Fast forward to the third, Rafael Devers got the scoring started for his team with a two-out, two-run single off Waguespack, plating Mookie Betts and Brock Holt from second and third to make it a 2-0 game early.

An inning later, Christian Vazquez came through with two outs this time around, taking the first pitch he saw from the Jays right-hander, a 90 MPH cutter on the outer half of the plate, and sending his 13th big fly of the season 408 feet to dead center.

Vazquez’s monstrous blast gave the Sox a 3-1 advantage, but it would be the last run they scored all night.

Oh sure, they had their chances, especially in the seventh with one out and runners on second and third in a 5-3 game for the pinch-hitting Eduardo Nunez following a Michael Chavis double.

New Toronto reliever Daniel Hudson held his own though, getting Nunez to fly out to left and fanning Mookie Betts on six pitches to kill any shot of a rally.

In the eighth, Hudson stranded J.D. Martinez at first after he reached on a two-out single, and Blue Jays closer Ken Giles needed just 10 pitches to retire Vazquez, Jackie Bradley Jr., and Chavis in order in the ninth, all but wrapping up the 6-3 loss for Boston.

Some notes from this loss:

The Red Sox went 2-for-7 with runners in scoring position Wednesday and left five men on base.

On the day he was named an All-Star for the second time in his big league career, Xander Bogaerts picked up his first ever Golden Sombrero by punching out four times Wednesday.

During his seven-game hitting streak, Rafael Devers is slashing .516/.531/.935 with two homers and 10 RBI.

From MassLive.com’s Christopher Smith:

In his last three starts, Chris Sale has posted a 7.02 ERA over 16 2/3 innings pitched.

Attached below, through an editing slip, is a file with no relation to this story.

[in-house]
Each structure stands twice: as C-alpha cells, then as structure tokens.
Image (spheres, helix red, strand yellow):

The Red Sox are 6-12 in games started by Chris Sale this season.

Next up for the Red Sox, it’s the finale of this three-game series on Thursday.

Right-hander Hector Velazquez is set to get the ball for Boston, while fellow righty Marcus Stroman is expected to do the same for Toronto.

With Brian Johnson on the shelf due to “non-baseball” reasons, Velazquez has taken over the fifth spot in the Sox’ rotation for the time being.

As a starter this season, the 30-year-old is 1-3 with a 6.41 ERA and .239 batting average against over 19 2/3 innings of work.

In five career appearances (two starts) at Rogers Centre, Velazquez owns a lifetime 2.57 ERA and .292 batting average against over a small seven inning sample size.

Stroman, meanwhile, has already faced the Red Sox twice this year, and has only allowed one earned run in those two starts and 12 innings pitched. The Blue Jays are 2-0 in those games.

In his last start against the Kansas City Royals this past Saturday, Stroman left early with a cramp in his left pectoral muscle, so it will be worth seeing if that has any impact on Toronto’s ace.

First pitch Thursday is scheduled for 7:07 PM EDT on NESN. Red Sox going for the series win.

Happy Independence Day, everyone.